EVALUATION OF THE DISCRIMINATE VALIDITY OF THE FUNCTIONAL MOVEMENT SCREEN FOR IDENTIFYING INJURY RISK IN ROYAL NAVY RECRUITS. A PILOT STUDY.
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Introduction The Functional Movement ScreenTM (FMS) has been shown to be a valid predictor of injury risk in a recent unpublished study in United States (US) Marine Recruits, where recruits with an FMS score of 14 or less were twice as likely to sustain an injury during military training. However, the discriminate validity of the FMS to United Kingdom (UK) military training programmes has not been confirmed. Objective The aim of this pilot study was to evaluate the discriminate validity of the FMS with respect to identifying injury risk in RN recruits. Design The study was a prospective cohort design. Data was analysed initially using Pearson’s Correlation Coefficient. Subsequently, multiple logistic regression analysis was used to evaluate variables that were significantly related to injury risk with injury occurrence. Setting The study took place at HMS Raleigh, a Phase 1 training establishment. Ethical approval was gained from Ministry of Defence Research and Ethics Committee (MODREC) to undertake the study. Participants A sample of 957 (n=862 (90%) male; n=95 (10%) Female) Royal Navy Phase-1 recruits consented to participate in the study. Main Outcome Measures The FMS was used as the main outcome measure. Assessments were completed in week-1 of training. The seven tests were attempted three times, with the highest score recorded. In addition, health history and smoking/alcohol questionnaires were completed, and height and body mass were measured. 4 Results The mean FMS score for all volunteers was 14.6 (±2.3) out of 21, and this was the same for female (14.4±2.4) and male (14.6±2.3) volunteers. However, a greater percentage of female recruits suffered injury during training compared with male recruits (34% vs. 27%, respectively). Gender, smoking history and FMS score were important factors for injury risk during RN training. Female recruits were 1.8-times more likely to suffer injury compared with male recruits; recruits with a smoking history were 1.4-times more likely to suffer an injury compared with non-smokers; and for every point decrease in FMS score, injury risk increased 0.7 fold. The relative risk (RR) of suffering an injury was 2.62 times greater in those with an FMS score ≤14; the greatest RR was observed in recruits with an FMS score ≤11 (i.e. 5-fold increased risk). Conclusion The FMS appears to be a valid predictor of injury risk in this military population, where female recruits and recruits with a smoking history would be at increased risk.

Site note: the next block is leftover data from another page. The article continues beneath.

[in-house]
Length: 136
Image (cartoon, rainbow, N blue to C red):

- Masters Degrees (Sport) 
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